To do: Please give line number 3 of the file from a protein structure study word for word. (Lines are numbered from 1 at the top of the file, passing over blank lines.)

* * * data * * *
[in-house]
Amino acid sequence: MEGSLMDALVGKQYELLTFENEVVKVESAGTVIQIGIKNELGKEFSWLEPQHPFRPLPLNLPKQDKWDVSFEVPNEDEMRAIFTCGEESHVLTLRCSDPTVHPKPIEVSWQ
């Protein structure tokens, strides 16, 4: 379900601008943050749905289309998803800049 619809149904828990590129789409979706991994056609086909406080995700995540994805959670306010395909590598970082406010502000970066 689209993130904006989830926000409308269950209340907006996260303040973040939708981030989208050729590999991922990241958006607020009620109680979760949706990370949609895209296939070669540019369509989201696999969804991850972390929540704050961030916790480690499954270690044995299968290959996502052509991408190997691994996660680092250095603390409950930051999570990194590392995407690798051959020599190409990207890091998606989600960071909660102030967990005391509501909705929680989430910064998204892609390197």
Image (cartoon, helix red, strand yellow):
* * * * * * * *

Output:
């Protein structure tokens, strides 16, 4: 379900601008943050749905289309998803800049 619809149904828990590129789409979706991994056609086909406080995700995540994805959670306010395909590598970082406010502000970066 689209993130904006989830926000409308269950209340907006996260303040973040939708981030989208050729590999991922990241958006607020009620109680979760949706990370949609895209296939070669540019369509989201696999969804991850972390929540704050961030916790480690499954270690044995299968290959996502052509991408190997691994996660680092250095603390409950930051999570990194590392995407690798051959020599190409990207890091998606989600960071909660102030967990005391509501909705929680989430910064998204892609390197």